Boston Globe's Scores

For 5,281 reviews, this publication has graded:
  • 55% higher than the average critic
  • 2% same as the average critic
  • 43% lower than the average critic
On average, this publication grades 0.7 points higher than other critics. (0-100 point scale)
Average Movie review score: 62
Highest review score: 100 Gomorrah
Lowest review score: 0 P2
Score distribution:
5,281 movie reviews
  1. Most of all it's the emotional and spiritual arc of an exile, in all its terrible isolation, that gives ''Before Night Falls'' its power.
    • Boston Globe
  2. Ullmann's film is an achievement of heart and consequence, as full of integrity as Bergman, yet demonstrating more mercy.
    • Boston Globe
  3. A story about the ravages of one war on a single man's soul and psyche becomes an eloquent plea for peace.
    • Boston Globe
  4. It's sweeping yet intimate, stately yet impassioned, stylized yet immediate.
    • Boston Globe
  5. After revitalizing baseball movies with "Field of Dreams" and "Bull Durham," he's now three for three with the funny, quirky, rueful, and richly textured For Love of the Game.
  6. While it preserves his baseball feats, it looks beyond them to clarify Greenberg's place in American culture.
  7. It's much closer to a European film in sensibility than to one of Hollywood's factory products.
  8. There was little mirth or innocence in the world that Wharton was able to write her way out of (she was much happier living in Paris), and Davies and his leading lady lift the silks to reveal it as the minefield it was.
    • Boston Globe
    • 68 Metascore
    • 88 Critic Score
    A film of great ingenuity and imagination, full of suggestive power, and it deserves to be seen.
  9. Time of Favor, which boasts a haunting score, is an unflinching, complex portrait of a modern Israel that is rarely seen on-screen.
  10. 'Titanic'' was a case of a cheeseball story riding terrific effects. The Perfect Storm is in every important way deeper.
  11. What you're not prepared for in Marziyeh Meshkini's astonishing debut film is the way its central image instantly leaps into the pantheon of world cinema with a rightness and an urgency that glue your eyes to the screen.
    • 82 Metascore
    • 88 Critic Score
    This is a warts 'n' all portrayal - there's no dodging the feelings of both disgust and amusement.
    • Boston Globe
  12. He's (Dafoe) the stuff bad dreams are made of. He's also the best movie vampire since Schreck's original. He deserves a bloody Oscar.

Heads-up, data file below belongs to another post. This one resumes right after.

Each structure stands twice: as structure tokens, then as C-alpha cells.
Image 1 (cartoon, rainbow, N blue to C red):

13. Has extraordinary depth and insight about the limitations and follies of human beings.
  14. Plays like a dislocated version of ''Death in Venice,'' but in a dryer, higher climate that features exponentially more firepower.
    • Boston Globe
  15. The film's disturbing images are presented matter-of-factly, which makes them more powerful, not less.
  16. It's a meditation on life and death, but it's less somber and more light-handed, subtle, and mischievously funny.
    • Boston Globe
  17. The film's triumph - and it is a triumph - in the end rests on the ability of Hrebejk and his actors to convince us that they never stop being normal people.
    • Boston Globe
    • 62 Metascore
    • 88 Critic Score
    Another phantasmagorical tale of life among the Nazis, is upon us. This one works much better.
  18. Like so much Iranian cinema, Blackboards is a work of lyrical propaganda. But its metaphors are opaque enough to avoid didacticism, and the film succeeds as an emotionally accessible, almost mystical work.
    • 78 Metascore
    • 88 Reviewed by
      Ty Burr
    Polite but emotionally devastating, How I Killed My Father throws such questions out like smart bombs, and they detonate long after the end-credits have rolled.
  19. Such moral outrage, apart from the artistry in which it is embedded, tells us that the forces of change are stirring in Iran.
    • Boston Globe
    • 65 Metascore
    • 88 Critic Score
    More movies should be so funny and perceptive, with writing this sharp and acting this believable.
  20. Richly compelling.
    • Boston Globe
  21. Richly textured, beautifully acted.
  22. Magically transports the viewer across time and space. As it does so, it becomes a humbling reminder of the universality of the human experience.
  23. A miracle of data retrieval as the grown schoolchildren are measured against their footage from the earlier films.
  24. As a flawed but lovably lionhearted woman, Barrymore triumphantly comes of age as an actress.
    • Boston Globe
    • 75 Metascore
    • 88 Reviewed by
      Ty Burr
    Mines laughs from the ways in which its antihero's reductive philosophy consistently goes kerflooey in his face, but there's a weary sadness to it as well.

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